The commenter about the complexity of the undergrad curricula says something really important. I find this incredibly frustrating myself, but I think it reflects the fact that the curriculum no longer belongs to the faculty. Among the possible factors at work that have shifted ownership from the faculty to I don’t even know where:
    1) The perverse effects of administrative pressure to increase enrollments that has led to a proliferation of majors, minors, certificates, and other specialized, pre-professional credentials that all come with insane requirements that are literally impossible to keep track of (partly because they are so byzantine, partly because they change every week). But the only way for individual departments or faculty to keep up in the enrollment arms race is to make sure their courses are required for something. So they endorse ever greater numbers of these things, while the various representative bodies rubber stamp all proposals put forward in the name of student success.
    2) The endless reorganizations of the Gen Ed curriculum (I think we’re on our third? in a decade), which mean that the requirements faculty did understand have changed under their feet, with the only announcement of the change being one of a million “administrative notification’ emails containing a link to an obscure administrative website.
    3) The disappearance of the paper course catalog and the shift of all requirements to websites of various sorts that make it physically impossible to comprehend and grasp the structure of the curriculum. As a cultural historian, I can’t help but see the loss of the paper catalog as entailing a critical shift in the ways that students literally see and thus imagine the curriculum. The curriculum is no longer a wide range of intellectual possibilities, some know and unknown, to browse and explore. Instead, it has become a database search to execute, on the basis of schedule, requirements fulfilled, instructor, delivery mode.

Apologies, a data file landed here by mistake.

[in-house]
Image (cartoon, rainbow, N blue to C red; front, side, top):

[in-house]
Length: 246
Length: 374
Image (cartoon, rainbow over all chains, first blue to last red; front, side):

All of this has consequences for advising, too. The kind of intellectual guidance and mentorship TR describes and aspires to become obsolete in this kind of system. All-consuming requirements leave no room for choice and exploration of the sort for which faculty guidance could be useful, while online catalogs make it impossible for anyone—faculty or student alike—to see what the broader possibilities are.

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  6. Ellie, what you are saying about the general curriculum really rings true to me: we have an endless number of certificates, minors, and other things that no faculty member could ever navigate, even within a department or school.

    And let me emphasize: I think a person who has an overarching view of the curriculum — call that person a profesisonal advisor, or a dean — is incredibly useful. But I am skeptical of the notion that students who are college bound dream of making a mentoring relationship with an administrator, many of whoom are only a few years out of college themselves, who is not a specialist in the academic field they wish to study. This doesn;t mean such a person is not incredibly useful. But people come to college to learn from teachers, coaches, and other mentors who represent a life that is possible beyond college.

    And DShea: agreed. Nor do I understand saying that faculty are terrible at advising and should not be allowed to do it. What next will we stop expecting faculty to do? Show up at work at all? Meet their classes? Can we hire adminstrators to take care of these things too? Stay tuned.